Scientists in Argentina and China have claimed to have engineered cows to produce human-like milk
In Argentina, Scientist from the Institute for Biotechnology Research, the National Institute for Agricultural Biotechnology and the National University of San Martin have engineered a cow to produce human-like milk. They achieved this using Genetic Modification. Human genes were implanted into a cow embryo containing two specific proteins. One protein of which is completely absent in cows’ milk, and the other of very low levels. These modified cells were cloned, and then implanted into a surrogate cow.
Genetic modification refers to the altering of genes within an organism. Traditionally, two organisms with favourable traits would be bread together to produce tailored progeny. The favoured traits are bread in, while the unfavourable traits would be bread out. And since offspring inherit both the favoured and non-favoured traits of their parents, this process happens over a number of breeding cycles. These traits can range from an organisms colour and height to a plants capability to survive under drought conditions. Genetic modification is similar, however it uses genes from one organism (which in some cases are artificially altered) and directly inserts them into another, or an organism may have its own genes modified.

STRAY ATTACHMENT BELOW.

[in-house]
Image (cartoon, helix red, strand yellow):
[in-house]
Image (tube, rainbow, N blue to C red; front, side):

As a result of the project in Argentina, the calf, Rosa-Isa was born in April 2011. It’s quoted that “The aim is to produce a highly nutritional, baby-friendly cow's milk with enhanced iron and anti-bacterial properties, they said.” And Julian Domnguez, Argentina's agriculture minister, ‘says that the development of baby milk in cows fulfils a "significant social goal."’
Why human milk is more beneficial to babies
In cases where a new born baby for various reasons is unable to receive its mother’s breast milk, cow’s milk is commonly a substitute. Although these products have much in common, cow’s milk baby formula is discouraged by health nutritionists for a number of reasons. Protein has a higher presence in cow’s milk, however it is not so easily absorbed in the human gut. This is because it lacks a number of accompanying nutrients, minerals and enzymes that allow maximum absorption. Cow’s milk also contains higher levels of ion, however during the process of making the formula, Lactoferrin (a protein with iron-binding properties) is destroyed, thus making it harder for the baby to absorb. Breast milk also contains more whey than curds which is favourable for human babies, and also contains anti-bodies that cow’s milk completely lacks.
In disapproval of the project, animal welfare groups have questions the well-being of the cows and the safety of the milk. In response to the safety of the milk, scientist Germn Kaiser dismissed these queries by saying ‘it’s not harmful for humans since our bodies are designed to digest these human proteins.’ A similar project was conducted in China.
Emma Phillips s42587453
Emma Phillips s42587453